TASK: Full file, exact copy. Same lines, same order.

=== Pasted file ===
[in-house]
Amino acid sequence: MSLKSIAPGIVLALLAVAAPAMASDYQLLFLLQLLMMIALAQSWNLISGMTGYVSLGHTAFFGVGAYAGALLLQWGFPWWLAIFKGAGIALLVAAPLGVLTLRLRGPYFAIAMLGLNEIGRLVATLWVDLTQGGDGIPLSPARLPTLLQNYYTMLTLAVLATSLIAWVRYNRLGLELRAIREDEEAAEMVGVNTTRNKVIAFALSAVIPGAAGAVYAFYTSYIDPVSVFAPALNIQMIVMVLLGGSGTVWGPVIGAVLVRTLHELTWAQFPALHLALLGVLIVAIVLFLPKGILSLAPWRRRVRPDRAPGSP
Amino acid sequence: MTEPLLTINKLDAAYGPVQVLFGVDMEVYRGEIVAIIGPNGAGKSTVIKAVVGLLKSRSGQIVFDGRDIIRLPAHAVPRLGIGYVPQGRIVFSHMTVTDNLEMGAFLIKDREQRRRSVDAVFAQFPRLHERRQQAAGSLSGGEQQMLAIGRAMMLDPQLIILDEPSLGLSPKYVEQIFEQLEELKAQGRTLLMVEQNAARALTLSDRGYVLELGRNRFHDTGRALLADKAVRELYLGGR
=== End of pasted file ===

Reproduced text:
[in-house]
Amino acid sequence: MSLKSIAPGIVLALLAVAAPAMASDYQLLFLLQLLMMIALAQSWNLISGMTGYVSLGHTAFFGVGAYAGALLLQWGFPWWLAIFKGAGIALLVAAPLGVLTLRLRGPYFAIAMLGLNEIGRLVATLWVDLTQGGDGIPLSPARLPTLLQNYYTMLTLAVLATSLIAWVRYNRLGLELRAIREDEEAAEMVGVNTTRNKVIAFALSAVIPGAAGAVYAFYTSYIDPVSVFAPALNIQMIVMVLLGGSGTVWGPVIGAVLVRTLHELTWAQFPALHLALLGVLIVAIVLFLPKGILSLAPWRRRVRPDRAPGSP
Amino acid sequence: MTEPLLTINKLDAAYGPVQVLFGVDMEVYRGEIVAIIGPNGAGKSTVIKAVVGLLKSRSGQIVFDGRDIIRLPAHAVPRLGIGYVPQGRIVFSHMTVTDNLEMGAFLIKDREQRRRSVDAVFAQFPRLHERRQQAAGSLSGGEQQMLAIGRAMMLDPQLIILDEPSLGLSPKYVEQIFEQLEELKAQGRTLLMVEQNAARALTLSDRGYVLELGRNRFHDTGRALLADKAVRELYLGGR